Update: The FDA has since confirmed that pasteurization is effective in inactivating HPAI. Powdered infant formula was also confirmed safe.


The Food and Drug Administration (FDA) has confirmed that traces of the avian influenza, or "bird flu," virus has been detected in pasteurized milk samples.

Virus was first found in dairy herds in March 2024

Last month, the USDA confirmed that the virus - known most commonly as "HPAI" - had infected dairy cattle in Texas and Kansas. Shortly after, the virus was also detected in an Idaho dairy herd.

Since then, eight states have confirmed detections of the virus in livestock, which is now being referred to as BIAV (bovine influenza A virus) in cattle.  The concerns over the spread of HPAI through cattle resulted in tightening restrictions on cattle imports between states.

New FDA statement confirms virus found in pasteurized milk

While the presence of the virus had been detected in raw milk of affected cattle, this week's FDA update has confirmed that virus particles have been found in pasteurized milk. The FDA affirms the virus would be rendered inert by the pasteurization process.

The official statement adds:

... the FDA is further assessing any positive findings through egg inoculation tests, a gold-standard for determining viable virus. To date, we have seen nothing that would change our assessment that the commercial milk supply is safe. Results from multiple studies will be made available in the next few days to weeks.


Pasteurization has been found to cause thermal inactivation of HPAI in eggs; the process is done at a lower temperature for eggs than for milk.

The FDA also has stated that milk from sick animals is being diverted or destroyed. Dr. Eric Topol of the Scripps Research Translational Institute told CNN that this FDA update indicates the outbreak may be worse than previously understood, stating, "The dissemination to cows is far greater than we have been led to believe."

CNN also notes that cats have been found dead at affected dairy barns, possibly from ingesting infected milk.

Commercial milk is still indicated to be safe

Despite these new findings, the FDA and USDA continue to assert that the milk supply available to the general public on shelves is safe to use and drink.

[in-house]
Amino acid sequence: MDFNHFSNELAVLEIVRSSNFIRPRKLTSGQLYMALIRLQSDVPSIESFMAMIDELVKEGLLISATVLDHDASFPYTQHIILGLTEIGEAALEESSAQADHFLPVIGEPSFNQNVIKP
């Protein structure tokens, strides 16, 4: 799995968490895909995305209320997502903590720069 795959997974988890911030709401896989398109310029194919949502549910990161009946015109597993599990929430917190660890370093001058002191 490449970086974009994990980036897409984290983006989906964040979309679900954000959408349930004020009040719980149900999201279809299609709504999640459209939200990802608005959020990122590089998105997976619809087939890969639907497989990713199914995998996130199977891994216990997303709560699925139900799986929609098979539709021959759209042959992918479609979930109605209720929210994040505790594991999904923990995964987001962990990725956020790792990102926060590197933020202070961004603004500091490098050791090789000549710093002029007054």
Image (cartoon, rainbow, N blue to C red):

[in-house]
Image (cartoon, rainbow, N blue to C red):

... based on the information currently available, our commercial milk supply is safe because of these two reasons: 1) the pasteurization process and 2) the diversion or destruction of milk from sick cows.

The organization continues to provide a webpage with detailed information on the safety of dairy products.

There is a large amount of ongoing research into how the virus affects dairy products, alongside the virus's transmissibility. Because this situation is new, scientists are at the forefront of discovering the effects on the public, on animals, and on the agricultural industry.

FDA issues mandatory livestock testing and reporting

The FDA today issued a new ruling that mandates testing of livestock for HPAI/BIAV. The order goes into effect Monday, April 29. It states:

Mandatory Testing for Interstate Movement of Dairy Cattle

  • Prior to interstate movement, dairy cattle are required to receive a negative test for Influenza A virus at an approved National Animal Health Laboratory Network (NAHLN) laboratory.
  • Owners of herds in which dairy cattle test positive for interstate movement will be required to provide epidemiological information, including animal movement tracing.
  • Dairy cattle moving interstate must adhere to conditions specified by APHIS.
  • As will be described in forthcoming guidance, these steps will be immediately required for lactating dairy cattle, while these requirements for other classes of dairy cattle will be based on scientific factors concerning the virus and its evolving risk profile.

Mandatory Reporting

  • Laboratories and state veterinarians must report positive Influenza A nucleic acid detection diagnostic results (e.g. PCR or genetic sequencing) in livestock to USDA APHIS.
  • Laboratories and state veterinarians must report positive Influenza A serology diagnostic results in livestock to USDA APHIS.

Click here for the latest updates on HPAI from PNW Ag Network.

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